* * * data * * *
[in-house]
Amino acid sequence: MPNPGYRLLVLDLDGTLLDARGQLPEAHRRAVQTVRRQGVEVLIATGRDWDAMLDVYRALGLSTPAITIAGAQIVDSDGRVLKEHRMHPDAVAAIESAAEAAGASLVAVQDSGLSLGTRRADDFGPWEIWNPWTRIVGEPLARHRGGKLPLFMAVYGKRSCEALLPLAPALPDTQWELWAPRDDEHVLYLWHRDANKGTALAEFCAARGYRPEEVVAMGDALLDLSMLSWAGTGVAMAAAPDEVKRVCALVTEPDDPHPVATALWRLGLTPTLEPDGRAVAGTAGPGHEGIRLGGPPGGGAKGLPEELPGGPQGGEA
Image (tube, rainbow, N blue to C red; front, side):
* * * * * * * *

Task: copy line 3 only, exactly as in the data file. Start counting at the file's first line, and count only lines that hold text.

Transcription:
Image (tube, rainbow, N blue to C red; front, side):